This raises a number of questions: How did Misra authorise someone like Ali, who has no experience with wild tigers, to enter the forest with a firearm? How was the hunting party allowed to go looking for the tigress at night without any forest official of the rank of an Assistant Conservator of Forests or above? How was there no veterinarian with the hunting party?

Furthermore, a plethora of discrepancies have emerged in the versions of the incident, as well as in Avni's autopsy report and the report of the field biologists.

According to the an autopsy report submitted to Misra on Sunday, the dart was evidently planted on Avni's thigh after she was shot dead, not before the shooting. During her postmortem examination, the dart was found in her thigh subcutaneously, without having pierced the fascia (the sheath of skin covering the muscles). The protective sleeve of the needle was missing, there was also no haematoma, a blood clot in the tissue around the dart, which occurs when a dart is fired under pressure from a tranquiliser gun on a live animal.

Also, the "attacking-and-charging tigress" theory falls flat on its face as the entry point of the bullet, according to the autopsy report, was found to be from the left scapula (shoulder blade). It would have been on Avni's head, face, neck, shoulder or underside had she been facing the open vehicle of the hunting team. In fact, the wildlife biologists' report clearly says that the tigress was looking away from the attacker, completely throwing the Maharashtra Forest Department's claim out the window.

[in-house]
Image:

Moreover, the trajectory of the bullet that hit her left scapula and her third rib and then perforated her lung and cranial aorta led to massive haemorrhaging and finally, Avni's death. The bullet hit two bones, reducing its velocity, and got lodged in the acromion process of opposite scapula. The lack of an exit wound on her right side as well as lack of charring or tattooing near the entry wound indicated that there was considerable distance between the shooter and the tigress.

Any tourist on a jungle safari knows that if an animal charges at their vehicle, the driver reverses and guns the engine, blows the horn or flashes the headlights to scare it away. So why didn't the trained driver of the Maharashtra Forest Department not do likewise if Avni had, indeed, come charging at their vehicle?

The "panic killing" theory won't hold either, as Misra grossly erred in permitting a greenhorn with zero experience of dealing with a protective tigress mother in her domain at night. The Principal Chief Conservator of Forests was also irresponsible as he had endangered human lives by permitting a single team, without adequate backup, to venture into the tigress' territory four nights before a new moon.

The truth is that Asghar Ali wasn't authorised to shoot Avni, and this case violates all wildlife laws in the country. "It's elementary, Watson," would have been Sherlock Holmes' observation, that the killing of tigress Avni appeared to be a planned operation. It's a textbook example from a "manual on total mismanagement of wildlife rescues".

Meanwhile, forest officials have yet to find Avni's two orphaned cubs, and time is running out as the imminent threat of death by starvation hangs over them.

The author was one of the Supreme Court petitioners in the Avni case and is the director of Earth Brigade Foundation

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Updated Date: Nov 13, 2018 23:23:17 IST